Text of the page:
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Archive of Our Own Returns After 48-Hour DDoS Attack

Photo-Illustration: Vulture; Photo: Shutterstock

It was 27 hours — more than a full day — with no fan fiction. No Alternative Universes featuring favorite ships. No Enemies to Lovers. No Enemies to Friends to Lovers. No Only One Bed. There was a Slow Burn, but it didn’t relate to any stories on the beloved fanfic site Archive of Our Own. Instead, that’s how avid readers felt while waiting to see how long the DDoS (distributed denial-of-service) attack that struck the site on July 10 would last. We were all eager to get back to our Five Times They Didn’t and One Time They Did fic.

But everyone can breathe again — for now. The site is back up after spending parts of July 10 and 11 returning a blank page and a 429 error to any of the 5 million monthly users who might have been visiting. The attack was evidently perpetrated by self-proclaimed hacktivist group Anonymous Sudan, which claimed responsibility in a July 11 statement that it is “against all forms of degeneracy, and the site is full of disgusting smuts and other LGBTQ+ and NSFW things.”

Anonymous Sudan opened the statement with “the reason of our attack is simple,” according to a screenshot from its Facebook group as taken and reposted to Twitter by @Abbas_BadeStan.

“It’s part of our campaign targeting companies in the United States. The operators of this site is ‘Organization for the Transformative Works (OTW)’ who are registered in the United States,” it continued. “We bring you good news that we will continue attacking you for hours on end.” On July 11 (per the screenshot), the group issued a ransom request. “You have exactly 24 hours from the time of posting of this offer to fill up this bitcoin wallet with 30,0000 US dollar,” it demanded in a follow-up Telegram note.

If that’s its position, the group is definitely familiar with Archive of Our Own’s tags. Overall, the most well-known (and often derided) fanfic crossovers into the monoculture have been Fifty Shades of Grey, which started out as Twilight AU, and the Harry Potter magnum opus My Immortal, in which Harry and Draco fight over a vampire witch who’s not like other girls because she has purple eyes and listens to My Chemical Romance. Both of those stories were on rival site — but AO3 is where you go for the good stuff. I don’t know why authors with usernames that are just references to a fandom with a number tacked onto the end somehow nail the queer experience in a way I haven’t found through books from major publishers. From a clinical UX-design perspective, AO3 is also the easier fanfic site to navigate.

AO3 is run by volunteers and manages to exist — i.e., to host more than 11 million works spanning roughly 57,000 fandoms — on donations alone. The response from AO3’s audience to the attack underscores just how emotionally connected its users are to the site, writing thousands of tweets in just that day of downtime. The AO3s were being the sad ant with a little bindle slung over his shoulder mournfully making a tearful walk over to Wattpad (an app where the fic quality is low and there are ads every two chapters).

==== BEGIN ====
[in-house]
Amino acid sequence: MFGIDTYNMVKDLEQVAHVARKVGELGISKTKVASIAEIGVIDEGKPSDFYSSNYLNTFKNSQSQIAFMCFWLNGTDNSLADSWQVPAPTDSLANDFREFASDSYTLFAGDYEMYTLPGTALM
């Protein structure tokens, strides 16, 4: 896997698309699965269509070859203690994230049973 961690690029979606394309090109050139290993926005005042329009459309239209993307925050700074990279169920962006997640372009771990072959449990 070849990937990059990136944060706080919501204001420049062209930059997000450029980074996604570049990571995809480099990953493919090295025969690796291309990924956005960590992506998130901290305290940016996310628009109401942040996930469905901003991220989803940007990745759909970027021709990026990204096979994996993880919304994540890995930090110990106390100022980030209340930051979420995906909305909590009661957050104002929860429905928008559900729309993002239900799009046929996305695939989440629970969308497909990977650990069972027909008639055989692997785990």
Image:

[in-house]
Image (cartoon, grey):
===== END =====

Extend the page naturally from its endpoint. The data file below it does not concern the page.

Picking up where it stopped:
Following the attack, an AO3 spokesperson told The Verge, “All we can say at present is that we have not been directly contacted by anyone regarding the DDoS attack, so we have no confirmed reason of why the site is being targeted,” adding that they couldn’t guarantee the site won’t go down again. “Cybersecurity experts believe the group claiming responsibility is lying about their affiliation and reasons for attacking websites,” @AO3_Status tweeted on July 11. “View the group’s statements with skepticism.”

Anonymous Sudan emerged around January 2023 and has claimed a number of DDoS attacks, including against Microsoft (specifically Outlook) on June 5. I’m just now realizing that using my work computer, which favors Outlook and Microsoft Teams, and my habit of reading AO3 at work may be connected, though the tech company denied that. (Anonymous Sudan, it’s worth noting, is not affiliated with the better-known hacker collective Anonymous.) Cybersecurity firm CyberCX has posited that Anonymous Sudan is likely not an authentic hacktivist organization or even related to the country of Sudan. What we do know is that part of its mission is evidently to separate LGBTQ+ nerds from the Wicked Musical Elphaba/Glinda fics on their favorite niche site. Based on that alone, the group is destined to suffer the wrath of stans worldwide.

Archive of Our Own Returns After 48-Hour DDoS Attack